The Color Purple Contents
- The Color Purple: Social and political context
- Early twentieth century American business
- Early twentieth century American black education
- Colonialism and post colonialism
- The American Civil Rights movement
- The American Black Power movement
- The Women’s Liberation movement
- The Color Purple: Religious and philosophical context
- The Color Purple: Literary context
- Textual help
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The impact of the American Civil War (1861-1865)
Divisions, tensions and contradictions
The American Civil War was an armed conflict between the northern and southern states of America. Although it is often seen as a war that was fought on the part of the North to end slavery and on the part of the South to preserve it, the causes were much more complex in terms of the deep rooted divisions that existed between the outlooks and values of the rural South and the industrial northern states.
The South was an agricultural region where cotton and tobacco were the main sources of the region’s economic strength. The area relied on exports to markets in Western Europe and white southern society had a rigid class structure, built on a well-established Christian patriarchal model.
The local plantation owner was a ‘king’ within his own area and a network of senior families controlled the economic, political and legal business of ‘their’ state, maintaining stability by means of the wealth that they gained from using slave labour on their agricultural plantations. Slavery was seen by white landowners as a cost-effective way of running large plantations and many other white business people would have recognised how important the local plantation owner was to their own prosperity and well-being.
Not only was slavery simply accepted as part of the southern way of life but many people believed that it was justified in the Bible.
How the Bible was used to justify slavery - the curse of Ham
The primary Christian justification of the use of African slaves was based on a story from the Old Testament book of Genesis, which recounts the story of a curse which was laid on Noah’s son, Ham. It then passed on to Ham’s son, Canaan and his descendants, who were all condemned to become the lowest of slaves. (See Genesis 9:18-27.) According to legend, Canaan then settled in Africa, so the dark skin of Africans became associated with the ‘Curse of Ham’. Thus the enslavement of Africans was justified through Old Testament teaching.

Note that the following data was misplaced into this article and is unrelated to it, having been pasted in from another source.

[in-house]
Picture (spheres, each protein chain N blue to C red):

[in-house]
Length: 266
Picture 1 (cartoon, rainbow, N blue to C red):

In contrast to the agricultural South, northern states were quickly industrialised and social mobility was much more evident in northern towns and cities. Rigid social divisions were not so evident and most successful entrepreneurs based their business interests in the North.
The North was also cosmopolitan, with a wide mixture of nationalities and religions. The pace of life was faster and this also contributed to the pace of change. The Federal government was based in Washington DC and political control of the South was perceived as being dictated by northern interests.
There were many abolitionist groups in the North working to abolish slavery throughout the Union. Other northerners were ambivalent, recognising that northern prosperity was based on the input of poorly paid immigrant workers who were not slaves, but lived lives that were very harsh.
In the South there was also an increasing belief that the government would try to impose northern values on the South by attempting to interfere with the so-called ‘peculiar (meaning ‘unique to’) institution’ of slavery.
The issue of how much power any state had, compared to federal authority, eventually became mixed up with the rights of states to own slaves or the desire of other states to abolish the institution of slavery. Expansion into the West of America by settlers from Europe also created tension, when newly created states wished to join the Union and decisions had to be made by the government as to whether or not slavery in new states should or should not be permitted.
‘Bleeding Kansas’ (1854) - The first slave-free state
Kansas was opened to settlement in 1854 and the huge number of new inhabitants was almost equally split between those who supported slavery and those who opposed it. Violent clashes occurred over the issue and the state was nicknamed ‘Bleeding Kansas’ as a result.
When Kansas was admitted to the Union as a slave-free state at the beginning of 1861, political tension between the North and South had become serious. Many people in the traditional southern slave states saw the Kansas decision as the Union’s first step towards abolishing slavery throughout the Union. This, they believed, would lead to the destruction of the southern way of life.
Secession of South Carolina (1860)